“Cold” tells of childhood times. “It seems that the house was always cold… We weren’t allowed to build a fire.” Crenshaw writes about his stepfather, whose head was too big and voice too deep. He tries to connect with his stepfather while searching for wood, but his brother remains distant. In an instant, while Paul and his brother are stacking wood with their stepfather, things change: “One moment I was stacking wood, or splitting it… The next… all the cracks… of our inner lives had come to the surface and split apart.” It’s a longer essay about repressed rage finally realized, and forgiveness after the passing of many years, and the end results are truly haunting.
Two essays in this collection, “A brief and selected history of man, defined by a few of the walls he has built”, and “Choke” seem to be working in different venues from the others. They are studious and academic without a trace of pedantry. In the former, we go from cradles to cribs to indoors to tombs. There are walls in the Word, the Bible, the fall of Rome and the finality of wars. Crenshaw brings us through these thoughts in various sections and in the end he brings us to “Small Places” and what they mean to us:
“As we grow older we search for basements or workshops or hobby rooms… The Bible describes Heaven as a city of gold… The walls of the city have twelve foundations, and they are as high as the city is long, which makes me wonder what needs to be kept out.”
In the latter, Crenshaw writes about the unreliability of memory, about the fate of a friend, and along the way from beginning to end he welcomes Denis Johnson’s 1999 film, Jesus’ Son and work by Flannery O’Connor, Poe, Faulkner, and Shakespeare. “A warning,” he writes, “you will feel like I have lied.” Crenshaw dances around the sad topic of his friend Chris by reflecting on the purpose of writing:
“‘Write down the reasons you are telling this story,’ I say to my students, ‘and see what’s at stake.'”
He continues: “I also tell my students the personal essay is… about stories, and how we tell them. But it’s also about memory, and what we might have done.”
“Girl on the Third Floor” also works within a sort of hybrid realm of personal essay and historical research. Crenshaw’s mother had worked at the Nyberg building, a local landmark in Arkansas. It stands “among the surrounding pine trees like an undiscovered city or an old monument to forgotten gods.” It’s a long shuttered tuberculosis sanatorium containing what some consider to be a ghost (a seven-year-old girl) roaming the empty halls. Consider how he compares the feeling of emptiness here to the emptiness of his own family house:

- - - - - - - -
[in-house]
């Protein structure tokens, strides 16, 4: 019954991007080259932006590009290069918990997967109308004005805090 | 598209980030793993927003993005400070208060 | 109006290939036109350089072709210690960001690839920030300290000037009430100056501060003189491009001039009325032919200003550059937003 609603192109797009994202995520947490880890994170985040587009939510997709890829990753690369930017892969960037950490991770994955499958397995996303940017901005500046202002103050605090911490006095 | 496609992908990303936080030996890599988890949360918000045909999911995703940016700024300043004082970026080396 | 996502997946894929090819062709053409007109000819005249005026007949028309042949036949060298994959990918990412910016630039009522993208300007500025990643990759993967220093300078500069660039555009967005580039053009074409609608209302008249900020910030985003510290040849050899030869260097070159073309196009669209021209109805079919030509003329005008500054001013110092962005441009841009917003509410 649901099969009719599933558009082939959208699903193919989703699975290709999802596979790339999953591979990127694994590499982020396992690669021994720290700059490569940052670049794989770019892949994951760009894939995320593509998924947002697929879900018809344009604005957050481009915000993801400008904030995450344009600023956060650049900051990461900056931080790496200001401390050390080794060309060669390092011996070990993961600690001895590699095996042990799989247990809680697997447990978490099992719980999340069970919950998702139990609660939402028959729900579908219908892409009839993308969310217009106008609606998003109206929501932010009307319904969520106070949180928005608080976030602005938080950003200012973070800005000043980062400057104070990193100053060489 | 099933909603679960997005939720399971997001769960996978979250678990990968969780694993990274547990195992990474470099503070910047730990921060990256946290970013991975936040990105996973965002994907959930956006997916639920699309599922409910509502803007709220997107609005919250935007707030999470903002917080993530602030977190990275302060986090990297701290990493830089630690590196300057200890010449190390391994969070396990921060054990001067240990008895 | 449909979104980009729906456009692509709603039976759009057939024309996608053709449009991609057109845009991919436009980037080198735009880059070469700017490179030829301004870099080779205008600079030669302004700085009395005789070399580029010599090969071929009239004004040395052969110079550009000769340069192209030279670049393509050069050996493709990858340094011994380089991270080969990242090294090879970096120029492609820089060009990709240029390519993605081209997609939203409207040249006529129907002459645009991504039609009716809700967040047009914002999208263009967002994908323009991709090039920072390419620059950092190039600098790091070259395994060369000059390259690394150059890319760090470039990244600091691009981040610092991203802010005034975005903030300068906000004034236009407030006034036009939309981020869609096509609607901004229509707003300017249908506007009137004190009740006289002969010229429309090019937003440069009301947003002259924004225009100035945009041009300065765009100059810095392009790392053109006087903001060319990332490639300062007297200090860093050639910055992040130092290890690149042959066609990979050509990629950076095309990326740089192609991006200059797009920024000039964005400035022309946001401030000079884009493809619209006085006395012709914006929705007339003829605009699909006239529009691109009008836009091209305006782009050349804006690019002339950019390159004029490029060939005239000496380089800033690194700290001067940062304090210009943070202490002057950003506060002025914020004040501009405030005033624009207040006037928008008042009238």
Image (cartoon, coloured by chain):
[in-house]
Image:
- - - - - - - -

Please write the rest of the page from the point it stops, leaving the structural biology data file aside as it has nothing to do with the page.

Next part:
“There’s a feeling an empty house has. Ours seemed to reverberate with space as we walked through that first time… Alien, as if the ghosts of the last tenants still hovered there… Some days it seemed I did nothing but sit in my room.”
Fundamentalist religion plays a large role in two essays: “Of Little Faith” and “Where we are going”. The former is a short article that packs a large punch. “This was the rural South,” he writes, “the thick strap of the Bible Belt, near the buckle.” Mrs. Butler, the fundamentalist fifth grade teacher, warns the children of everything, including wrist watches and primary colors. Crenshaw ends this extended portrait of the place, time, and teacher with forgiveness, and it’s a feeling that lingers in the latter essay. Again, at just two pages, here’s an essay that could have been little more than a negligent whisper, but the reach of time it covers is admirable. Here Crenshaw writes about goodness and sinning: “Is it enough to not do the bad things, or does one have to do some of the good?” It features another end for another teacher, this time with a religious perspective, but the feeling is decidedly different.